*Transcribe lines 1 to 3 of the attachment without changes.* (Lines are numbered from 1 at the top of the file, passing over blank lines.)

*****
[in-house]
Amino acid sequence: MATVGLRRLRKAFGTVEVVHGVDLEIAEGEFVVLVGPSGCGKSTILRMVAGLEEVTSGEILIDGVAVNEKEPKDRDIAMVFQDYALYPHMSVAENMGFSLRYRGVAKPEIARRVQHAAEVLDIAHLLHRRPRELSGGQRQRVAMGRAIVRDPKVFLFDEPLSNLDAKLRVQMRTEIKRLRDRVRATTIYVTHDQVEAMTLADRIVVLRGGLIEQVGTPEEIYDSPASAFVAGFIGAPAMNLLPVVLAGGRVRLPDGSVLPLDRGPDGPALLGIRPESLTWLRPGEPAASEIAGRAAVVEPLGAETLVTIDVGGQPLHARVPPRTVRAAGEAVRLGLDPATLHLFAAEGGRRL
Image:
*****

[in-house]
Amino acid sequence: MATVGLRRLRKAFGTVEVVHGVDLEIAEGEFVVLVGPSGCGKSTILRMVAGLEEVTSGEILIDGVAVNEKEPKDRDIAMVFQDYALYPHMSVAENMGFSLRYRGVAKPEIARRVQHAAEVLDIAHLLHRRPRELSGGQRQRVAMGRAIVRDPKVFLFDEPLSNLDAKLRVQMRTEIKRLRDRVRATTIYVTHDQVEAMTLADRIVVLRGGLIEQVGTPEEIYDSPASAFVAGFIGAPAMNLLPVVLAGGRVRLPDGSVLPLDRGPDGPALLGIRPESLTWLRPGEPAASEIAGRAAVVEPLGAETLVTIDVGGQPLHARVPPRTVRAAGEAVRLGLDPATLHLFAAEGGRRL
Image: